The proposed merger of Zee Entertainment Enterprises Ltd with Sony India will not only largely address Zee’s corporate governance issues but also improve its reach and scale, according to an IIFL Securities report.
Moreover, the merged company’s $1.8 billion cash balance after the equity infusion from Sony Group—which will own a majority stake in the combined entity—will be used to step up investments, the report said.
“With the significant rerating that the consummation of the deal is likely to entail, we see a reasonable chance of the deal getting shareholder approval,” IIFL Securities said, putting a buy call on the stock.
Indeed, the biggest merger and acquisition (M&A) deal in India’s media sector brings cheer to the shareholders of Zee Entertainment, which has been facing shareholder activism and concerns over its corporate governance.
Zee Entertainment’s share price has shot up nearly 80% in the last two weeks. This has given some respite to its shareholders, who had seen the stock suffer for the past several months after the debt-laden promoters, Essel Group, all but lost control of the company. This had even prompted Zee’s institutional investors to call for removal of the CEO Punit Goenka, son of Essel Group head Subhash Chandra.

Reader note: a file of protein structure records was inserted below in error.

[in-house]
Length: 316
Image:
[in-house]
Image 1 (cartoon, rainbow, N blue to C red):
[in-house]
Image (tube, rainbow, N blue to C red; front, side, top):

IIFL Securities said the merger may take six to eight months to consummate. It pegged a 50% probability of the deal going through. Based on that, it has set a new target price of Rs 406 a share, almost a fifth higher than Zee’s current market price. Its actual equity valuation of the merged company is even higher.
The target price means there could be still some steam left in the stock even after the sharp run-up over the past couple of weeks.
“We estimate +10% EPS accretion in FY24 on synergies and, based on 25x target PER, Sep-2022 equity value per share could be about Rs 490,” the report said.
The brokerage also said there are significant synergy benefits from the merger as Sony has considerable strength in sports, the kids’ genre and English content while Zee is strong in regional content and movies.
Risk elements for the Zee and Sony deal
To be sure, there is no surety that the deal would be executed as there are several factors that needs to be there for it to see the light of the day. Besides regulatory approval, 75% of the voting shareholders need to give their nod to the proposal that has been structured in a way that doesn’t give them the benefit of a mandatory open offer. The securities norms give exemption to deals struck via amalgamation or mergers.
On the flip side, the deal envisages special or differential treatment to Essel group with Sony giving a non-compete fee to Essel through stake that would allow it to retain 4% stake. This may raise concerns at the table of the authorities.
Then again, the deal envisages continuation of Punit Goenka as chief of the merged company. Key shareholders have been calling for removal of Goenka and it is not clear how the deal would progress if large institutional investors stick to their stand that they want him out.